Buyers fail to pursue New Forest Buckhounds painting

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New Forest Buckhounds
John Emms’ The New Forest Buckhounds was one of 50 works by famous painters that went on sale

A MASTERWORK by a famous Lyndhurst painter failed to sell at auction after the bidding did not meet the lower end of its estimate.

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The New Forest Buckhounds by John Emms was expected to fetch between £80,000 and £120,000 but despite attracting a number of bids, the highest was £75,000.

A spokesman for Sotheby’s told the A&T it was now up to the owner – whose identity has not been revealed – what happens next.

That person has owned the painting for 12 years, having bought it at a Sotheby’s auction in New York in April 1997.

“On some occasions, works are sold privately after the sale,” the spokesman said. “Otherwise, they are returned to the owner.”

It was one of 50 Victorian, Pre-Raphaelite and British Impressionist works which went up for auction, among paintings by eminent artists such as Sir John Everett Millais and Edward Seago.

Born in BlofieldNorfolk, Emms was the son of artist Henry William Emms and became an avid hunter – which helped inspire the equine and canine paintings he became famous for, particularly of New Forest foxhounds.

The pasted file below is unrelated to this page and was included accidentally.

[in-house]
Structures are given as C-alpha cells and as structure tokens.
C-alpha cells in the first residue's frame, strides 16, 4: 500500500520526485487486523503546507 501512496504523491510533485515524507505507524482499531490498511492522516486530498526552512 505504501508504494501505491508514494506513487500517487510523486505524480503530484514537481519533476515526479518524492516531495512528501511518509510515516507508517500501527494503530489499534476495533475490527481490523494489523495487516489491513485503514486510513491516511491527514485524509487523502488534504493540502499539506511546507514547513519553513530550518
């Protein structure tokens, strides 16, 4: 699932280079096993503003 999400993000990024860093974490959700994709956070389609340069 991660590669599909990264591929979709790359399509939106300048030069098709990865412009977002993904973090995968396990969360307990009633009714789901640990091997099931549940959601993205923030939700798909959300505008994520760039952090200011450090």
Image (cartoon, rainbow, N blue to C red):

He exhibited several times at the Royal Academy and his talent, equestrian accomplishments and prolific output meant Emms acquired a large clientele who commissioned him to paint horses, hounds and dog portraits, and he travelled extensively around the country.

He met his future wife Fanny Primmer when visiting Lyndhurst while apprenticed to Frederick, Lord Leighton in the 1860s – the two collaborated to produce the giant fresco The Wise and Foolish Virgins at St Michael and All Angels Church in Lyndhurst.

Emms and his wife moved to the Forest and built a large house and studio known as The Firs, in Queens Road, Lyndhurst, in the 1880s, where they lived for the rest of their lives.

In his later years, with his popularity among the public fading and his love of whisky increasing, stories of his drinking prowess were legendary.

Emms was often short of money and it is thought he was forced to part with around 100 of his paintings in his later life to settle various bar bills.

Two of those – The Kennel Club and Old Faithful – he gave to Ernest Harris, the then-owner of The Stag Hotel in Lyndhurst. They were auctioned at Sotheby’s by Mr Harris’ granddaughter Kathleen in 1999 and fetched £108,000.

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